Here is a roundup of news this week from the world of legal technology and innovation.
A new era for Evolve Law. Three years ago, two legal industry entrepreneurs, Mary Juetten and Jules Miller, started the organization Evolve Law with the goal of promoting collaboration among innovative law firms and legal technology companies in order to speed adoption of new technology. “We’re trying to get people to listen,” Miller told me at the time. “The message is that the legal industry is changing.”
While that mission has continued, Evolve Law itself has also been changing. Last year, Miller left Evolve Law. Then, in August, as I reported here, Evolve Law and Above the Law announced that they have formed a strategic partnership aimed at allowing Evolve Law to expand its visibility and offerings, particularly through what is now being called Evolve the Law.
Now, Juetten has announced that she is stepping down from active management of Evolve Law to continue building her own company, Traklight, and to focus on other “mid-life” projects, including access to justice. She will remain involved as a member of Evolve Law’s advisory council.
Stepping in to take over is Deb Tesser, a lawyer and former law-practice consultant who most recently worked as vice president of strategic planning for the practice-management company Zola Media. Introducing herself in a post yesterday, she said that one of her primary objectives “will be to make Evolve the Law the go-to source for lawyers, legal technologists, law schools, and everyone who is invested in the future of the profession.”
I had the good fortune to work with Juetten on planning the Startup Alley programs at ABA Techshow the last two years. I wish her the best in the next stages of her career. I have also come to know Tesser over the years. and can say that Evolve the Law continues to be in capable hands. I look forward to seeing how it next evolves.
Movement in Vermont on tech competence. As I continue to track the states that have adopted the ethical duty of technology competence, I have learned that the Vermont Professional Responsibility Board yesterday voted to recommend that the Vermont Supreme Court adopt the language in Comment 8 to ABA Model Rule 1.1.
Michael Kennedy, bar counsel in Vermont and author of the excellent legal-ethics blog Ethical Grounds, tells me that the court is likely to take it up in April or May and then put it out for a 60-day comment period. So far, 31 states have adopted the rule.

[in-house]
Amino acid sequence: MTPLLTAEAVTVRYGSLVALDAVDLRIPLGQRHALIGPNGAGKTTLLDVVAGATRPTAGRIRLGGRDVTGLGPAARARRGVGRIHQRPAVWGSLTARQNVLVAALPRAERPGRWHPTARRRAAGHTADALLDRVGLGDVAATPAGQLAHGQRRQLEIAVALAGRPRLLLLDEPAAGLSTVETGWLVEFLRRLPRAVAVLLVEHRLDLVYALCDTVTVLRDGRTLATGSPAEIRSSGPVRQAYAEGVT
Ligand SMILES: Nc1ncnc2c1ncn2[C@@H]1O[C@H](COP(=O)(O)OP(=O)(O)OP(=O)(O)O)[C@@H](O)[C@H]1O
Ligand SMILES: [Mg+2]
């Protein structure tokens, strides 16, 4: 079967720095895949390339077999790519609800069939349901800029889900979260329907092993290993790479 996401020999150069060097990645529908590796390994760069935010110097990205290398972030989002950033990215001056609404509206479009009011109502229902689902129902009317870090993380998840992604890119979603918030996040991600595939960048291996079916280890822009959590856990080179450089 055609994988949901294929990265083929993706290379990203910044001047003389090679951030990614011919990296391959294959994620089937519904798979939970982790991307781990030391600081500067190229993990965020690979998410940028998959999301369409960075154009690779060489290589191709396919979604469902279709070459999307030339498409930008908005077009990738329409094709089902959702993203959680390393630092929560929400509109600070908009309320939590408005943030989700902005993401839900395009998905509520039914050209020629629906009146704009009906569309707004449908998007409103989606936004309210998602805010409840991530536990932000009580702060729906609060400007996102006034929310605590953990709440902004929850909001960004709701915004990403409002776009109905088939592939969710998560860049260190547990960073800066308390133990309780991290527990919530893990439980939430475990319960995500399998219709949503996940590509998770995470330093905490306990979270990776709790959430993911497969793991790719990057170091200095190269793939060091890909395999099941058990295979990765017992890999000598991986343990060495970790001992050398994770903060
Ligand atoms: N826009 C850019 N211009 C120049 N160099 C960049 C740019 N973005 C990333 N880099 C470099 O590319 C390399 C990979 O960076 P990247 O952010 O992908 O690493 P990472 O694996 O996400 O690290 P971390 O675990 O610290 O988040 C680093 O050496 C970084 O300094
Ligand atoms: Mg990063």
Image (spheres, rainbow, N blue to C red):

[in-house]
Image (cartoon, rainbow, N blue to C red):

Leadership change at LawPRO. One of the most-respected authorities on law practice management in Canada and the United States is Dan Pinnington, who for the last 17 years has made his home at LawPRO, the Lawyers’ Professional Indemnity Company owned by the Law Society of Ontario. Now, LawPRO has announced that Pinnington will become its president and chief executive officer effective April 2, succeeding Kathleen A. Waters, who is retiring after holding that position since 2008.
Among his many accomplishments, Pinnington has been editor-in-chief of Law Practice magazine, the publication of the ABA’s Law Practice Management Section, and chair of ABA Techshow. He is also a fellow of the College of Law Practice Management. Congratulations to Dan.
Comprehensive bar passage data. The ABA Section of Legal Education and Admissions to the Bar has published a comprehensive set of data on bar passage outcomes for ABA-approved law schools. The data, in the form of a downloadable spreadsheet, shows school-by-school for 2015 graduates for passing the bar within two years of graduation. In the aggregate, the data shows, nearly nine of 10 graduates who took the bar exam passed it within two years. The section’s website also provides other data about law graduates.
Worth reading: I’ve been reporting here on efforts by Fastcase to expand its library of secondary legal materials. At the ABA Journal, Rich Acello takes a deeper look and talks to CEO Ed Walters: Inspired by Netflix, Fastcase is creating its own content. … David Fisher, founder and CEO of Integra Ledger and co-founder of the Global Legal Blockchain Consortium, offers an interesting essay on solving the collective action problem in law. … Carolyn Elefant looks at state bar association websites and finds that 28 fall short on security settings.